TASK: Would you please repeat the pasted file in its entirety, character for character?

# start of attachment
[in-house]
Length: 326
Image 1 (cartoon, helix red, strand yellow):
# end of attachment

[in-house]
Length: 326
Image 1 (cartoon, helix red, strand yellow):